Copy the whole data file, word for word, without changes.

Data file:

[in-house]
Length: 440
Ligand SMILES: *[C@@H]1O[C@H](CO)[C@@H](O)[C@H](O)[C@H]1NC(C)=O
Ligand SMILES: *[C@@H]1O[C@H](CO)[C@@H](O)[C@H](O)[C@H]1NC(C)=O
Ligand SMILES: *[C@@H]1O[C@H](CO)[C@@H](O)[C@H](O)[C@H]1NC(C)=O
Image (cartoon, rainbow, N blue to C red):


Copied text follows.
[in-house]
Length: 440
Ligand SMILES: *[C@@H]1O[C@H](CO)[C@@H](O)[C@H](O)[C@H]1NC(C)=O
Ligand SMILES: *[C@@H]1O[C@H](CO)[C@@H](O)[C@H](O)[C@H]1NC(C)=O
Ligand SMILES: *[C@@H]1O[C@H](CO)[C@@H](O)[C@H](O)[C@H]1NC(C)=O
Image (cartoon, rainbow, N blue to C red):